4. A method of reducing the antigenicity of dumb animal tissue so as to render it universally compatible with human tissue, preserving such tissue and encouraging cell growth thereof during preservation as claimed in claim 1 in which the blood component comprises plasma.

5. A method of reducing the antigenicity of dumb animal tissue so as to render it universally compatible with human tissue, preserving such tissue and encouraging cell growth thereof during preservation as claimed in claim 1 in which the blood component comprises serum.

6. A method of reducing the antigenicity of dumb animal tissue so as to render it universally compatible with human tissue, preserving such tissue and encouraging cell growth thereof during preservation as claimed in claim 1 in which the blood component comprises 10% whole plasma.

7. A method of reducing the antigenicity of dumb animal tissue so as tov render it universally compatible with human tissue, preserving such tissue and encouraging cell growth thereof during preservation as claimed in claim 1 in which the blood component comprises 10% serum.

8. A method of reducing the antigenicity of dumb animal tissue so as to render it universally compatible with human tissue, preserving such tissue and encouraging cell growth thereof during preservation as claimed in claim 1 in which the tissue comprises one of the group of long lived tissues including bone, cartilage, tendons, blood vessels, fascia, muscles, ureters, and cornea.

9. A method of reducing the antigenicity of dumb animal tissue so as to render it universally compatible with human tissue, preserving such tissue and encouraging cell growth thereof during preservation as claimed in claim 1 in which the container is agitated to enhance reaction of the contents therewithin.

10. A method of reducing the antigenicity of dumb animal tissue so as to render it universally compatible with human tissue, preserving such tissue and encouraging cell growth thereof during preservation as claimed in claim 1 in which the container is aerated and in which the air permeation of the bath and the reaction of oxygenation with the tissue antigens in combinative nature hastens the dispersion and separation thereof from the tissue into the bath and the subsequent deterioration thereof, and the association of the antigen depleted tissue with the bath encourages the growth of fibroblastic cells.

11. A method of reducing the antigenicity of dumb animal tissue so as to render it universally compatible with human tissue, preserving such tissue and encouraging cell growth thereof during preservation as claimed in claim 1 in which the container is agitated to enhance reaction of the contents therewithin, and in which the container is aerated so that the air permeation of the bath and the reaction of oxygenation with the tissue antigens in combinative nature hastens the dispersion and separation thereof from the tissue into the bath and the subsequent deterioration thereof and the association of the antigen depleted tissue with the bath encourages the growth of fibroblastic cells.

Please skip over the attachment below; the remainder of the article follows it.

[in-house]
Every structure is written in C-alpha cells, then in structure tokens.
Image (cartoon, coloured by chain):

12. A preserved tissue for heterogeneous grafting uni versally compatible with human tissue comprising a healthy, viable dumb, animal body tissue combined with a normal saline bath including a soluble sodium sulfonamide compound, an antibiotic agent and blood components from the type of animal from which the tissue has been removed, said preserved tissue including mucoprotein and muco-polysaccharides rendered extraordinarily permeable by said bath, said tissue being excessively antigen depleted and denatured by reaction producing sodium salt linked tissue protein which is amide ring bonded by double sulphur bonds, said tissue also including fibroblastic tissue converted from peripheral fibroblasts and also including growing tissue cells.

13. A preserved bone for heterogeneous grafting universally compatible with human bone comprising a healthy, viable dumb animal body bone combined with a normal saline bath including a sodium sulfonamide compound, an antibiotic agent and blood components from the type of animal from which the bone has been removed, said preserved bone including muco-protein and muco-polysaccharides rendered extraordinarily permeable by said bath, said bone being excessively antigen depleted and denatured by reaction producing sodium salt linked tissue protein which is amide ring bonded by double sulphur bonds, said bone also including osteoblastic bone 11 tissue and growth produced periosteum convertedln the bath from peripheral osteoblasts and also including growing bone tissue cells.

References Cited in the file of this patent UNITED STATES PATENTS 2,485,791 Tucker Oct. 25, 1949 2,621,145 Sano Dec. 9, 1952 2,658,021 Earle Nov. 3, 1953 12 OTHER REFERENCES Guileminet: Journal of Bone and 'loint Surgery,

November 1953, vol. 35 B, No. 4, pages 562, 566-567. (Copy in Library.)

Tissue Culture Technique, Cameron, second edition, 1950, pp. 26 and 27. (Copy in Div. 43.)

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US3654914 *Aug 21, 1970Apr 11, 1972Franklyn Robert AlanCosmetic surgical process
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Classifications
U.S. Classification128/899, 606/76, 435/1.1
Cooperative ClassificationA61B5/06